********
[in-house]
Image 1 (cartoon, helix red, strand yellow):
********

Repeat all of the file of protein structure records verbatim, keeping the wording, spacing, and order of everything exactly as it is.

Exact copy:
[in-house]
Image 1 (cartoon, helix red, strand yellow):